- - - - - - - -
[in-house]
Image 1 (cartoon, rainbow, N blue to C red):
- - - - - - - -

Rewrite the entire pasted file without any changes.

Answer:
[in-house]
Image 1 (cartoon, rainbow, N blue to C red):